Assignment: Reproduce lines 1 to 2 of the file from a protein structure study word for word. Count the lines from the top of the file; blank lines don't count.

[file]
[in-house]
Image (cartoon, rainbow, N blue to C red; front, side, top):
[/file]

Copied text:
[in-house]
Image (cartoon, rainbow, N blue to C red; front, side, top):